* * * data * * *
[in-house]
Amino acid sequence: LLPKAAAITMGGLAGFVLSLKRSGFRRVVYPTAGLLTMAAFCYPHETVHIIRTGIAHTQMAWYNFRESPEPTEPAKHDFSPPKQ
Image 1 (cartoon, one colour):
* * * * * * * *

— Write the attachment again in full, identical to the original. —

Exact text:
[in-house]
Amino acid sequence: LLPKAAAITMGGLAGFVLSLKRSGFRRVVYPTAGLLTMAAFCYPHETVHIIRTGIAHTQMAWYNFRESPEPTEPAKHDFSPPKQ
Image 1 (cartoon, one colour):